“What’s that yellow band on your wrist for?” This is what the six-year-old in the grocery store line asked me this evening. Kids tend to cut through all the political correctness and get right to the point. You may notice staff members at Hazelwood Elementary wearing colored bands on either their wrists or name tags. These colored bands help identify staff members’ comfort level with proximity to others during the pandemic. We certainly still recognize that the current orders from the Governor require both social distancing and masks for everyone that enters the building. As we progress through the year, we are hopeful that students can return and that some of the safeguards that are currently in place can be relaxed. As that happens, this is how our staff will communicate their comfort level with others that enter the building. I want to be clear that this isn’t a license for our team to act outside of the current set of expectations for schools. We just want to make sure that our staff members clearly communicate their comfort level and where their personal space should begin.
The green band is worn by staff that have the highest level of comfort interacting with others. They have evaluated the risks associated with the disease and decided which precautions are necessary for them and their family. The yellow band is worn by staff who are still a bit hesitant and want to continue maintaining their physical distance in most cases. The red band is the most restrictive. It is worn by staff that wish to keep their distance from others with very few exceptions. So, Green means “Go,” Red means “No,” and Yellow is somewhere in the middle. If you are on campus, you will see a variety of colored bands. In some cases, we have teachers and teacher assistants working in the same rooms that have different levels of comfort with physical proximity. We believe that you can have different opinions about the pandemic and still respect others and work together to educate students.
These bands came in midweek, and I walked around the school, handing out bands to members of our school community. As I did, I was surprised by some of our staff’s choices, some that I thought would be one color chose another. I was surprised by some of the team members that requested a red band. We all work around individuals that may put on a good act, but underneath there is still a significant amount of anxiety working in close proximity to other individuals. It has been a healthy exercise for our staff to see and understand how to best interact with their colleagues and respect their boundaries.
On day two, a staff member came into the office and asked if it was Ok to take a red band. She had chosen a yellow one the day before and explained that she was yellow on most days, but today she needed a red one. For many of us, our comfort level with the pandemic changes from day to day. So, several staff members have multiple colors in their desks for this exact reason. Some days we just need to be yellow or red when most days we might be green. Whether it is wearing red every day or only on some days, we had to establish that it is ok to not be ok. It is also a great reminder that these same emotions, thoughts, and ever-changing comfort levels are just as present for students as for staff. If we have adult staff that have a heightened level of anxiety with social distancing due to the pandemic, then is it fair to expect that our students will experience these same emotions.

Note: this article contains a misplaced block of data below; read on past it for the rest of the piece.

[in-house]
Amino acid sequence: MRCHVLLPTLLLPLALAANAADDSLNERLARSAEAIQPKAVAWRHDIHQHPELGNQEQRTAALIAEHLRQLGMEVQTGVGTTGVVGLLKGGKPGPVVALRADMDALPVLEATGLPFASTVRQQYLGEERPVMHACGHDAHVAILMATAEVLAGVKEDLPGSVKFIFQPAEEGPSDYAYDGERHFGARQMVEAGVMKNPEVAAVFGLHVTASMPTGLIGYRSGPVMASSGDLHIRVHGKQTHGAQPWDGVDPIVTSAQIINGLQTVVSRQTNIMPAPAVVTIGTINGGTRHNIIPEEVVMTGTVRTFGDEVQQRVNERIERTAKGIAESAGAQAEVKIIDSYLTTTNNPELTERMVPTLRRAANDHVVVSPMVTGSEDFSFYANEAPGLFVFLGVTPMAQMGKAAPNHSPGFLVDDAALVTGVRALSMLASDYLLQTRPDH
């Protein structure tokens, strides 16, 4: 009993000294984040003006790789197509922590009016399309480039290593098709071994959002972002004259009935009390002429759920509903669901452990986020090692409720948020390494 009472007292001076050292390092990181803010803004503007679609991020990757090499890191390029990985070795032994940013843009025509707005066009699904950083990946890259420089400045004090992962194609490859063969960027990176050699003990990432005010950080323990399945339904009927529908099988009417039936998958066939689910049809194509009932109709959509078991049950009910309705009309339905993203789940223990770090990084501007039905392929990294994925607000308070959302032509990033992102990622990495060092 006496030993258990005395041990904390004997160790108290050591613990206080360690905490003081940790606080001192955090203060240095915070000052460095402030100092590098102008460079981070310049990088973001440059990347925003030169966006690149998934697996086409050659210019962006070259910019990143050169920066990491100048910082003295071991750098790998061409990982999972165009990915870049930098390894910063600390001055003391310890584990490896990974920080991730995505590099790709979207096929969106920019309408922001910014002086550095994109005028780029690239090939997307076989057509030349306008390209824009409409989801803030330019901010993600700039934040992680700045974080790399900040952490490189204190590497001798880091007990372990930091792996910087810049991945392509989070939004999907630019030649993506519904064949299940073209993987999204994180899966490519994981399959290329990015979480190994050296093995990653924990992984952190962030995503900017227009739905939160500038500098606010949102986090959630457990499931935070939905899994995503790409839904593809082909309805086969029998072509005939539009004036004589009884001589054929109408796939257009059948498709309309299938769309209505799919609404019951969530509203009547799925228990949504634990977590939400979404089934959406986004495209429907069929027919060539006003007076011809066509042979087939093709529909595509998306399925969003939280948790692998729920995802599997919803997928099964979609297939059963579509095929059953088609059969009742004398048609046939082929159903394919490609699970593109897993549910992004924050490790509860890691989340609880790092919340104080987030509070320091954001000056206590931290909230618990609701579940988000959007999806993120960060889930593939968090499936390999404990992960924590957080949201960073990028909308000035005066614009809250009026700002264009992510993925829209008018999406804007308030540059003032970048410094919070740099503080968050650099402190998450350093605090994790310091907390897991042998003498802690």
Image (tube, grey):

You might ask if we are going to provide bands for students when they return. The answer is, “No for Now.” Here is why. We feel it is both our responsibility and our charge to do everything possible to protect our students from exposure. With that in mind, we are treating all students as though they are wearing a red wrist band. This is the safest option we have right now.
I could not ask for a better group of people to serve with than the staff at Hazelwood Elementary. As I said, we have staff choosing to wear a variety of colored bracelets. Some red. Some green. Some yellow. Most days I choose to wear a yellow band. However, if I am honest, there are days I find myself wanting a red band. Staff have started to recognize the comfort level of others and even ask questions like, “Am I too close? Do I need to move back?” I have had staff walk into my office and walk up to my desk only to apologize and step back. We want to do a great job of focusing on others’ comfort level as much our own. I love our willingness to focus on others, especially our students. We are just as ready to have students back in the building as many of you are. We want to do it safely, and we want to make sure that we can sustain having them in the building without increasing the number of community exposures. When the time comes, know that Hazelwood is a judgment-free zone, just as we have agreed that it is ok to be comfortable or uncomfortable with this pandemic, it is also ok to want your child to be in school or to wish to keep them home for remote instruction. We recognize that some of our parents have a comfort level of green right now. For others, the comfort level is yellow. For others, it is red. It is our responsibility to build your trust so that you can have your students back in the building when you are ready. Regardless of your choice as a parent, know that we will do everything we can to help your child continue to grow into a responsible, respectful lifelong learner. We look forward to working with you to make that happen!
In Our Togetherness, Castles Are Built!